Review: Beauty and the Beast 3D

Beauty and the Beast 3D
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PLOT: When a beautiful woman named Belle finds her father held captive by a monstrous beast, she pleads to the captor to take her instead. When the unwelcoming host agrees, Belle finds that beneath the brute’s terrifying guise, there is the heart and soul of a gentleman. Will love blossom, or will he forever be the monster he was cursed to be? It is Disney so it’s a safe bet things will end pretty well.

REVIEW: A tale as old as time, well this particular one is at least as old as 1991 – that was the year Disney’s BEAUTY AND THE BEAST found critical and commercial success. The story of an unlikely romance filled with magic was nominated for Best Picture at the Academy Awards; it also took home two Oscars’ including Best Song and Best Original Score for Alan Menken. It was an incredible success for Walt Disney and it is still a much beloved classic for all generations, one which has aged slightly with time. But of course it is going to get a fancy new bow in the form of a 3D re-release.

BEAUTY AND THE BEAST 3D is a sweepingly romantic tale. The story revolves around Belle (Paige O’Hara), a beautiful yet bookish girl who finds herself in an adventure much like the novels she always reads. When her father treks off to sell his new invention, his horse is startled while traveling through a spooky forest. Frightened, he seeks shelter in a dark and forbidden castle. There he is captured by a monstrous beast (Robby Benson), snarling and angry at the unfortunate intruder. Belle soon realizes something is wrong when she finds her father’s trusty steed running from the foreboding forest. When she comes to look for dear old dad and finds him imprisoned, she begs for the Beast to take her captive instead. He accepts. Because we of course know that this vicious fiend is an enchanted prince looking to break the spell he is under. Unless somebody falls in love with his frightening exterior, he will forever remain cursed.

As dark as this story could have been, let us not forget that this is Walt Disney. Thus, the film features an array of colorful characters to lighten the mood. This includes Mrs. Potts (Angela Lansbury) who is actually a talking tea pot and Lumiere (Jerry Orbach) a suave candelabra. The impressive voice talent also offers up Richard White as the film’s villainous and vain Gaston, David Ogden Stiers as a clock named Cogsworth and many more impressive performances.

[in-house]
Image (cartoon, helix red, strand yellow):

Probably the most memorable aspect of this elegant romantic fable is the music. Each musical number - written by Menken - completes the magical world for which it exists in. Two of the finest would most certainly be the lavish and bouncy “Be Our Guest” sung by Orbach. It is impossibly catchy as an eye-popping array of dancing plates and other fanciful dinner guests perform for Belle, hoping to make her stay a little more comfortable. And of course, the Academy Award winning title track sung by Lansbury offers a sure sign of romance between the Beauty and her Beast. This tune was also a massive radio hit courtesy of Celine Dion and Peabo Bryson.

Already a beautifully drawn feature, the 3D element merely enhances a few moments here or there. The red roses blossoming on their thorny vines, stretching out past the cinema screen is one of the few instances where it was worth sporting the glasses. As for the film, the use of color, the music and story itself would warrant a re-release. Although there are a few elements that certainly don’t feel as heartfelt as they once did. The humor sometimes lacks some of the timelessness as most of the film achieves, especially coming from the inferior villain Gaston (Richard White). While White’s performance is terrific, the character itself is ultimately basic and bland.

Really, the 3D wasn’t necessary to re-release this classic tale – it would have made a terrific date for the whole family without the glasses – yet it still holds up nicely as a magical animated fable. It is made even more special by the inclusion of the short TANGLED EVER AFTER. While TANGLED settles for guffaws much more quickly than BEAUTY, it is hilariously delightful. The goofy charm is also aided by the strong characters created in the original film. Both TANGLED EVER AFTER and BEAUTY AND THE BEAST are sure to enthrall audiences everywhere, even if the 3D doesn’t really add much of anything to this animated classic.

Source: JoBlo.com



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